One of those people is my wife. On our first date, we went to a nice bar with blue tables and, in the regular course of conversation she told me at length about the removal of a dermoid teratoma from her ovaries. This is a cyst with teeth (not a metaphor). I had gone in expecting to flirt but instead I learned about the surgical removal of a fist-sized mutant mass of hair and teeth from her sexual parts. This killed the chemistry. I walked her home, told her I had a great time, and went home and looked up cysts on the Internet, always a nice end to an evening. We talked a little after that. I kept everything pleasant and brief. A year later I ran into her on the train and we got another drink. Much later I learned that she’d been having a very bad day in a very bad year.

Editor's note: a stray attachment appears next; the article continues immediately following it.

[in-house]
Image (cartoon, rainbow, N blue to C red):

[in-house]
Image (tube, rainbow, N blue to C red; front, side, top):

Sometimes I’ll get a call or email from someone five years after the last contact and I’ll think, oh right, I hated that person. But they would never have known, of course. Let’s see if I still hate them. Very often I find that I don’t. Or that I hated them for a dumb reason. Or that they were having a bad day. Or much more likely, that I had been having a bad day.